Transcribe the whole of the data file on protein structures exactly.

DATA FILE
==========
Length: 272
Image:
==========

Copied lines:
Length: 272
Image: